STATES CHRONICLE – Dolphin calf was rescued then had to be euthanized because of his deteriorating condition. The dolphin had first been see Friday morning by volunteers monitoring sea otters. The volunteers were around the Hudson’s Landing area and they reported that a dolphin was in the water, circling and apparently confused.
The Marine Mammal Center was called in order to help rescue the creature but stated that they would not intervene unless it had become stranded. In the afternoon the dolphin did become stranded as it beached itself on a sand bar according to Rebecca Dmytryk, president and CEO of Wildlife Emergency Services at Moss Landing.
Employees of the Marine Mammal Center eventually appeared on the scene an hour later but the rescuers encountered unsafe conditions and were not able to reach the dolphin because of the mud in the area as well as the fading light. They left the dolphin there until the following morning, when they returned to check on it. When they came back the next day the calf was swimming in the water so the team on site requested a permission to perform a water rescue from the National Marine Fisheries Services.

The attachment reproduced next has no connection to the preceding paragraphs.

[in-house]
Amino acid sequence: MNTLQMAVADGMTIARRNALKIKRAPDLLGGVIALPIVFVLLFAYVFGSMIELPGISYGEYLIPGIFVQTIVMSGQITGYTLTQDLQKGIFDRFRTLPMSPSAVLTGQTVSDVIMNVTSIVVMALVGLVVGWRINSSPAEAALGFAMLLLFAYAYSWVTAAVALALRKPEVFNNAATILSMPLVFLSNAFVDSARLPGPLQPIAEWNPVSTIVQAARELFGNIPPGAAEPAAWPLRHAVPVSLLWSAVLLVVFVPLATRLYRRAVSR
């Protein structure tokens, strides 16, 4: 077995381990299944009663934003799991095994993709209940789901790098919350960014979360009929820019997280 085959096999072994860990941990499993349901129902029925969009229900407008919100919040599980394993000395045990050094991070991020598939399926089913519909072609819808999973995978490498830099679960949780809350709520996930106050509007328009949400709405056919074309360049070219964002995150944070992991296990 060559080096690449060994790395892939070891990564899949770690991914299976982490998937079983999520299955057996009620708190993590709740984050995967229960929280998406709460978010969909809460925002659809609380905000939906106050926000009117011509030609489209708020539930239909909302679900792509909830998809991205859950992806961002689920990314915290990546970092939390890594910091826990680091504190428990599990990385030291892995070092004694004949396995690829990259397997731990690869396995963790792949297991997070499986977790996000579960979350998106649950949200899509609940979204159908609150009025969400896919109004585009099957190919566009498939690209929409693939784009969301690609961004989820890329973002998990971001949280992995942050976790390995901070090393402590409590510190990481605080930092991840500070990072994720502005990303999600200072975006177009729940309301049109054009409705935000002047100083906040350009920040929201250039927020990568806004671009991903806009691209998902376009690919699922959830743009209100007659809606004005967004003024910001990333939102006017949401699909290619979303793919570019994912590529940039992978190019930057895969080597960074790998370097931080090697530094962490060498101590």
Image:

The calf was eventually rescued from the water but, despite having used a survey boat and the U.S. Coast Guard having performed a flyover in the area, the calf’s mother was not found. The problem that rescuers encountered was that, once the calf was brought to the Marine Mammal Center in Sausalito there was no surrogate mother compatible with it in the center. As dolphins this young depend on their mothers completely for food and protection if they have not been weaned off their mother’s sustenance, the poor dolphin was in bad shape.
Efforts that were later taken on to find the calf’s mother had no results and the dolphin remained alone. His condition was then reported as deteriorating, according to employees at the Marine Mammal Center. The dolphin’s deteriorating condition could be likely due to the time that the calf had spent being separated from its mother and the period of time that he had remained stranded on the sand.
It was decided by veterinarians alongside representatives of the National Marine Fisheries Services after some consultations that the dolphin would not be strong enough to survive on its own in the wild and that its condition had been deteriorating. The conclusion was reached that the most humane thing to do was to euthanize the mammal.
Image source: https://pixabay.com